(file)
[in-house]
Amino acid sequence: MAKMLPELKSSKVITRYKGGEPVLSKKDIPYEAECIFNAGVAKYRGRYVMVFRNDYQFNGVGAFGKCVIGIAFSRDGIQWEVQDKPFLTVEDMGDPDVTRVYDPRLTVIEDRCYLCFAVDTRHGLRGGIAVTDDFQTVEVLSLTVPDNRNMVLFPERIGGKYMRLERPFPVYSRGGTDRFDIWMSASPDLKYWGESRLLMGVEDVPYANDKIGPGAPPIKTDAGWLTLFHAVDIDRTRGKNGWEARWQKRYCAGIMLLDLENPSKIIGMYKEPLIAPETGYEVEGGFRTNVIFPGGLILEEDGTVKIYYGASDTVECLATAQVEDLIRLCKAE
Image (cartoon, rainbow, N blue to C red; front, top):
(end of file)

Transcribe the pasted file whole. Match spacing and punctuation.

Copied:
[in-house]
Amino acid sequence: MAKMLPELKSSKVITRYKGGEPVLSKKDIPYEAECIFNAGVAKYRGRYVMVFRNDYQFNGVGAFGKCVIGIAFSRDGIQWEVQDKPFLTVEDMGDPDVTRVYDPRLTVIEDRCYLCFAVDTRHGLRGGIAVTDDFQTVEVLSLTVPDNRNMVLFPERIGGKYMRLERPFPVYSRGGTDRFDIWMSASPDLKYWGESRLLMGVEDVPYANDKIGPGAPPIKTDAGWLTLFHAVDIDRTRGKNGWEARWQKRYCAGIMLLDLENPSKIIGMYKEPLIAPETGYEVEGGFRTNVIFPGGLILEEDGTVKIYYGASDTVECLATAQVEDLIRLCKAE
Image (cartoon, rainbow, N blue to C red; front, top):